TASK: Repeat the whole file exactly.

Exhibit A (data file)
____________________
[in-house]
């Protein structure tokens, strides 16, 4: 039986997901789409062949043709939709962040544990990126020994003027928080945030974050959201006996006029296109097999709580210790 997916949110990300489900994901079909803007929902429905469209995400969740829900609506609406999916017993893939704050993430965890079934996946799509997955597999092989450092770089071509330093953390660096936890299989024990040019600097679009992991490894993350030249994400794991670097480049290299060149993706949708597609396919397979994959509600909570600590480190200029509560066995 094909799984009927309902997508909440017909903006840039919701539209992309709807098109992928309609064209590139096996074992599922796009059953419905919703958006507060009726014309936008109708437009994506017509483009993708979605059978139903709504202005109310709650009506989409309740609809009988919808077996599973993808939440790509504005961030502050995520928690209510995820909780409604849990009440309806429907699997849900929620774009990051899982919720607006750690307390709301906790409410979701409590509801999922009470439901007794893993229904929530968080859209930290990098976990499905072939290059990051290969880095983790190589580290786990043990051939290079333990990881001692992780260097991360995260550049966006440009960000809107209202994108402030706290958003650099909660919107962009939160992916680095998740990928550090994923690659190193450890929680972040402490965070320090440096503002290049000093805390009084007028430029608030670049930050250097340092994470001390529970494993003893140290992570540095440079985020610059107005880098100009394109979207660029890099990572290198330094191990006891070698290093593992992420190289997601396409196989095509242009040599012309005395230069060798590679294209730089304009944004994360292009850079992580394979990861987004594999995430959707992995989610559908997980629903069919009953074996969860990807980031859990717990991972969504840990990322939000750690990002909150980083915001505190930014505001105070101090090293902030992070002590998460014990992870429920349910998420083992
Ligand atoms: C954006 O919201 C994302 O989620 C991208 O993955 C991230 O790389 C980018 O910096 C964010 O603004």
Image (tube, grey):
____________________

[in-house]
């Protein structure tokens, strides 16, 4: 039986997901789409062949043709939709962040544990990126020994003027928080945030974050959201006996006029296109097999709580210790 997916949110990300489900994901079909803007929902429905469209995400969740829900609506609406999916017993893939704050993430965890079934996946799509997955597999092989450092770089071509330093953390660096936890299989024990040019600097679009992991490894993350030249994400794991670097480049290299060149993706949708597609396919397979994959509600909570600590480190200029509560066995 094909799984009927309902997508909440017909903006840039919701539209992309709807098109992928309609064209590139096996074992599922796009059953419905919703958006507060009726014309936008109708437009994506017509483009993708979605059978139903709504202005109310709650009506989409309740609809009988919808077996599973993808939440790509504005961030502050995520928690209510995820909780409604849990009440309806429907699997849900929620774009990051899982919720607006750690307390709301906790409410979701409590509801999922009470439901007794893993229904929530968080859209930290990098976990499905072939290059990051290969880095983790190589580290786990043990051939290079333990990881001692992780260097991360995260550049966006440009960000809107209202994108402030706290958003650099909660919107962009939160992916680095998740990928550090994923690659190193450890929680972040402490965070320090440096503002290049000093805390009084007028430029608030670049930050250097340092994470001390529970494993003893140290992570540095440079985020610059107005880098100009394109979207660029890099990572290198330094191990006891070698290093593992992420190289997601396409196989095509242009040599012309005395230069060798590679294209730089304009944004994360292009850079992580394979990861987004594999995430959707992995989610559908997980629903069919009953074996969860990807980031859990717990991972969504840990990322939000750690990002909150980083915001505190930014505001105070101090090293902030992070002590998460014990992870429920349910998420083992
Ligand atoms: C954006 O919201 C994302 O989620 C991208 O993955 C991230 O790389 C980018 O910096 C964010 O603004």
Image (tube, grey):